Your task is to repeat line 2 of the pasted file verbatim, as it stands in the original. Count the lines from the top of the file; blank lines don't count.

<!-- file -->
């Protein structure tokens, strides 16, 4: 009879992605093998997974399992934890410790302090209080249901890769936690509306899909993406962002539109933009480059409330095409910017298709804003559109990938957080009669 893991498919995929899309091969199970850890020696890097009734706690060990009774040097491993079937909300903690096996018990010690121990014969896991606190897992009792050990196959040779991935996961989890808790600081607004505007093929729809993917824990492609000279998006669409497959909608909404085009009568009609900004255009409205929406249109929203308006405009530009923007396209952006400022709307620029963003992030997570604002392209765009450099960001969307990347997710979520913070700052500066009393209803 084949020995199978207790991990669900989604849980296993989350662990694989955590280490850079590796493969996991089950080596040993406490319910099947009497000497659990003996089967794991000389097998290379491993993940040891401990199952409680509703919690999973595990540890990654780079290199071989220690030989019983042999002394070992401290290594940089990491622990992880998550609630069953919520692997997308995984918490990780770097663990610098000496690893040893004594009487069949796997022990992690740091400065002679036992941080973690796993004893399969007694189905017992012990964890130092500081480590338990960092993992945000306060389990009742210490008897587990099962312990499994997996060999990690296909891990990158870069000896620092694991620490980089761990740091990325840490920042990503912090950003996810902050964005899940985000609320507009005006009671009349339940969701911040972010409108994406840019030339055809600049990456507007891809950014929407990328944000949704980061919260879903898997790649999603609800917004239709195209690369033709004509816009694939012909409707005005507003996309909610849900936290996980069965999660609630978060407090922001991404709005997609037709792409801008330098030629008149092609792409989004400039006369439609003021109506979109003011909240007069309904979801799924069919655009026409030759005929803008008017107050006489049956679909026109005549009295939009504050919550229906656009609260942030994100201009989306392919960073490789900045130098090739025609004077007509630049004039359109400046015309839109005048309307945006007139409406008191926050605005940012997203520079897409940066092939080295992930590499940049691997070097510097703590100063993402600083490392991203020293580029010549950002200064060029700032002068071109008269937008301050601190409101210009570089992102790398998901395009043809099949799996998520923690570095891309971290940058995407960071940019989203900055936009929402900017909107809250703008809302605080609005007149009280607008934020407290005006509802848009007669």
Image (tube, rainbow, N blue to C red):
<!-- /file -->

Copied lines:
Image (tube, rainbow, N blue to C red):